Globalization grew GDP in most nations but fairness did not enter into its rewards. While the elites flourished, the poor got poorer and there was a hollowing out of the middle class. The public lost faith and confidence in traditional institutions, including government, the church, business and labour unions.
In contrast with traditional liberalism, which focused on job creation and economic growth, then distributing the benefits and burdens of social cooperation so as to create a fairer society, the new progressive elite emphasized a hurried-up redistribution based on identity, gender and race. They and their policies became easy targets for populists who promised to defend the left-out. The net result, says Naím, is that liberal democracies face a crisis that compares with the rise of fascism across Europe in the 1930s.
Naím writes with a poet’s panache in describing the “implacable new enemy”: “The foe has no army, no navy, it comes from no country we can point to on a map. It is everywhere and nowhere, because it is not there but in here. Rather than threatening societies with destruction from without, like the Nazis and Soviets once did, this foe threatens them from within.”
Naím warns that these new populists are taking power through democratic elections, then jettisoning, preferably through guile and artifice but, when necessary, through force, the legislative, judicial and media restraints on their positions.
Against this discouraging backdrop, Naím warns that, while there is no silver bullet, democrats must fight back. This means winning five concurrent battles against: the “Big Lie”; criminalized governments; autocracies that undermine democracies; political cartels that stifle competition; and illiberal narratives. Each of these battles will require political will, legal creativity, technological and journalistic innovation. Naím argues that ranked-choice voting is preferrable to our current first-past-the-post electoral system when it comes to channeling competition for the broader public good.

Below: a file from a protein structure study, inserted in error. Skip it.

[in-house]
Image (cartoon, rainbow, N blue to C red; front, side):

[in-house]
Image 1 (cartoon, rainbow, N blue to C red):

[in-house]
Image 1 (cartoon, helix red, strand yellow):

Civic education, once the mainstay of public education, must be restored to the curriculum and include a new focus on fact-checking and recognizing dis/misinformation. An informed citizenry, concludes Naím, that actively participates in civic affairs through mechanisms such as citizen assemblies is the best defence against the autocrats.
The Revenge of Power is in many ways the sequel to his previous book, The End of Power (2014) in which Naím argued that power was becoming increasingly diffused to new and agile actors who were adapting to technology. Being big, concluded Naím, did not necessarily translate into being the most powerful, especially when it came to militaries that were having to adapt to asymmetrical warfare.
Both books draw on Naím’s diverse, polymathic experience. Before moving to the United States, where he is now a distinguished fellow at the Carnegie Endowment for International Peace, Naím served as Venezuela’s trade minister and then director of its Central Bank, then executive director of the World Bank. He then edited Foreign Policy for 14 years (1996-2010), receiving the Ortega y Gasset award (2011) for his contribution to journalism in the Spanish language. Last year, he published a thriller: Two Spies in Caracas, set in Venezuela as Hugo Chavez begins to seek power. Naím continues to host and produce Efecto Naím; a weekly television program on international affairs that airs throughout the Americas.
The Revenge of Power is intelligent and provocative. Naím offers original insights backed with facts, figures and fascinating factoids. He criss-crosses the disciplines of politics, economics, philosophy, trade, religion, and science and technology with ease. It is depressing when contrasting the challenges to democracy against its too-limp defences. Indifference, denial and delay only serve to advance the new autocrats.
The Revenge of Power should help to reinforce and motivate efforts like the Trudeau government’s much-promised, much-delayed “peace, order and good government” (2019) initiative to establish a “Canadian centre to better support democracy and good governance around the world.” (2021). As a start, we should be investing more in existing Canadian institutions like the Parliamentary Centre, which is dedicated to “supporting inclusive and accountable democratic institutions.” As Naím observes, “The times call for bold experimentation in government – not just innovative policies, but also innovative ways of making policy.” It’s how we will beat back the autocrats.
Policy Contributing Writer Colin Robertson, a former career foreign service officer, is a fellow and senior adviser at the Canadian Global Affairs Institute in Ottawa.